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  • 1. Use of AAC to Enhance Social Participation of Adults with Neurological Conditions David Beukelman With Susan Fager & Laura Ball 2006 AAC-RERC State of Science Conference
  • 2. Purpose
    • To review “AAC-State of the Science” for persons with acquired conditions that result in complex communication needs.
      • Amyotrophic lateral sclerosis
      • Brainstem impairment
      • Traumatic brain injury
      • Chronic, severe aphasia
      • Dementia
      • Parkinson disease
      • Multiple sclerosis
      • Myasthenia gravis
      • Huntington disease
  • 3. ALS: Demographics
    • Age of onset--20s to 60s
    • Initial spinal symptoms live 5 times longer than those with initial bulbar symptoms
    • Life expectance is much longer if one opt s for invasive ventilation
    • Artificial nutrition increases life expectancy somewhat, increases quality of life.
  • 4. ALS: AAC Acceptance & Use Nebraska ALS Database (N = 140) (Ball , Beukelman, Pattee & colleagues (2000, 2001, 2002, 2004, 2005, 2006)
    • 95% unable to speak prior to death
    • 96% accept AAC (6% delay; 4% reject), similar for men and women
    • All, who accept, use until within a month or two of death
    • Length of use is remarkably similar for those with initial spinal (23 months) or bulbar symptoms (26 months) (under-estimates because 15% continued to use while ventilated)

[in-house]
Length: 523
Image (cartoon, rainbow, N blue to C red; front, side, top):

• Communication functions documented (Mathy,Yorkston, & Gutmann, 2000)
  • 5. ALS: AAC Referral
    • Delayed referral for AAC assessment remains a primary intervention issue.
  • 6. Intelligibility X Months Post Diagnosis
  • 7. One Person’s Experience
    • Sept.: 97% intelligible, rate 90 wpm
    • Nov.: 75% intelligible, rate 68 wpm
    • Feb.: 33% intelligible, rate 52 wpm
    • May.: 6.8% intelligible, rate 36 wpm
  • 8. ALS: Support
    • AAC Technology Instruction
      • Persons with ALS--3.5 hours
      • AAC facilitators--2 hours
    • AAC Facilitators
      • Typically family members
      • Non-technical backgrounds
  • 9. AAC Facilitators
    • Wife 32%
    • Daughter 28
    • Husband 9
    • Self 7
    • Friend 4
    • Nursing 4
    • Daughter-in-law 3
    • Son 3
    • SLP 3
    • Brother 2
    • Granddaughter 2
    • Grandson 2
    • Mother 1
    • Sister 1
  • 10. ALS: AAC Technology Donation Patterns
  • 11. ALS: Future Directions
    • Access options (transitions)
    • Speech synthesis (for older partners)
    • Access to other technologies
    • Facilitator instruction
  • 12. Traumatic Brain Injury
    • Patterns of recovery of natural speech
      • 55-59% recover functional speech during Rancho levels 5 and 6--(middle stage) (Ladtkow & Culp, 1992; Dongilli, Hakel, & Beukelman, 1992)
    • Current medical interventions reducing percentage and type of persons with complex communication needs (Research Needed).
  • 13. TBI: AAC Acceptance and Use
    • Most recent review (Fager, et al., 2006)
      • 94% accepted high tech AAC recommendation
      • 81% continued to use after 5 years
      • 87% letter-by-letter spelling
      • 13% symbols, icons, and drawings
      • 6% did not receive AAC device--funding issues
      • 12% discontinued use--AAC facilitator issues
  • 14. TBI: AAC Acceptance and Use
    • 100% who used low tech AAC accepted recommendation
    • 63% still using after 3 years
    • 37% discontinued because they regained functional, natural speech
    • All used letter-by-letter spelling, except 1 who used icons and drawings. His was injured as a child before becoming literate.
  • 15. Communicative Functions
        • Function High Tech Low Tech
        • Story Telling 77% 40%
        • Writing 62% 40%
        • In-depth Information 62% 60%
        • Telephone 62% ----
        • Quick Needs 100% 100%
        • Detailed Needs 85% 40%
        • Conversation 13% 80%
  • 16. Supplemented Speech